What is Sensory Processing?
Some children may process sensory information poorly or inefficiently, which can lead to difficulty in responding to sensory information appropriately. For example, some children may be hypersensitive to sensory stimuli and may feel bombarded or overwhelmed by these sensations (loud sounds, the feel of clothing, certain smells, food textures etc.). Others may be hyposensitive to sensory stimuli, which means that they are less aware of that sense, and may seek out more intense experiences so that their nervous system can register and respond to it. These children are often called “sensory seekers” and are described as being “on the move” and having poor awareness of physical boundaries and safety.
Our occupational therapists will work closely with your child and family to provide you with the tools and strategies you need to live your lives more fully. Sensory processing therapy will allow your child to explore difficult sensory experiences in a safe and supportive environment so that they can begin to participate in activities they previously avoided.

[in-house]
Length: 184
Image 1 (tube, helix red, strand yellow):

Sensory processing difficulties become a problem when they impact a child’s ability to participate in daily activities, such as school, social, community, and family activities. We provide both clinic-based and school-based occupational therapy services depending on your child’s specific needs.
Occupational Therapy At School
Occupational therapy in the school setting focuses on providing both teachers and students with skills to succeed in the academic setting. Approaches used include directly working with the student on understanding and learning about their behavior (Zones of Regulation), establishing clear and individualized expectations for that student in the classroom, working with the teacher on management of sensory difficulties and supportive accommodations, and teaching the student advocacy skills to recognize when they need to assume responsibility for their behavior and how to take control over their body.
Some children have difficulties with every day life skills (activities of daily living or ADL’s) such as getting dressed, personal hygiene (brushing teeth, bathing, toileting), meals, and transitions which can impact the entire family. These difficulties may further limit a family’s ability to participate in the activities they enjoy such as attending group gatherings, traveling, eating out, going to movies etc. Our occupational therapists work closely with the child and family to address barriers that may be limiting participation in ADL’s.